As you can see, there’s a lot of work that goes into preparing the environment for your garden. If you take the time and effort to properly prep, then the rest should be easy and fun.
Compare costs from local nurseries for plants and basic tools. Prepare the garden beds, and plant the seeds or plants. Make sure that you’ve recorded the proper maintenance requirements and meet them. There are even gardening apps to help with the care process, like Smart Plant Home. Whether you need a calendar to stay on top of watering, help identifying diseases and pests plaguing your plants, or answers to the questions many novice gardeners have, downloading our app will help your garden bloom to its fullest potential.
In addition, you may need to invest in building your soil and fertilizer, and learn to strike the balance between overwatering and under-watering. With this in mind, keep a close eye on the rain forecast.
Starting your first garden can seem like a daunting process. But with some planning, prep, and patience, even those who weren’t born without a green thumb can enjoy a lush, beautiful space.
To garden or not to garden is no longer the question. Bite-Size Gardens takes out the growing pains. We’d love to hear from you!
Elevate Your Exterior And Increase Your Home’s Value
If you are planning to take advantage of today’s sellers market, you’re in luck. Homes are more in-demand than ever, and you can squeeze every last drop of value out of your property by simply prioritizing your outdoor spaces. Keep reading as today’s Bite-Sized Gardens blog shares a bit of advice.
Start with an evaluation.
Before you can decide what to do, you have to know what needs to be done. Even though you live in your house, you probably don’t walk around the entire exterior that often. Take a few minutes to actually walk your property. Start at the mailbox – flowers around the mailbox are a great first project – and make your way to the very end of the backyard. Look at the quality of your grass. Is it green and lush? Are there bare or brown spots left by your pets?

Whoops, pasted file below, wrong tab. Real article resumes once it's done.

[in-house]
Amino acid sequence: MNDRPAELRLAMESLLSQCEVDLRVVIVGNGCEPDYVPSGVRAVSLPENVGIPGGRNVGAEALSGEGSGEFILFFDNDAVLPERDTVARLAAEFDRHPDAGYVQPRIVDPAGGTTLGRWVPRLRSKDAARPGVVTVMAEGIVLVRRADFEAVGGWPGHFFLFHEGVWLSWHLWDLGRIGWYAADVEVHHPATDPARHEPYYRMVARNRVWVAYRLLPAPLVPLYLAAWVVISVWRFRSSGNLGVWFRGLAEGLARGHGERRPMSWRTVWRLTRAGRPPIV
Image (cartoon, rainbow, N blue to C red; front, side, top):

Tidy it up.
No matter how well you tend your yard, you will probably find at least a few opportunities to tidy up. This might be something as simple as trimming the shrubs or mulching the flower beds. Or, you may find that a coat of paint is needed on the front door. Small updates such as these are easy to handle on your own and will pay off when it’s time to put your home on the market.
Go for native plants.
One of the most important things you can do when it’s time to look into landscaping is to invest in native plants. Low growing succulents, such as sedum, are a beautiful and low-maintenance option that will also serve to attract bees. There are many types of plants that grow naturally throughout the state that will make an exceptional addition to your lawn. Garden Design lists the canyon snow Iris, California Bush sunflower, shrubby monkeyflower, and hummingbird sage among these.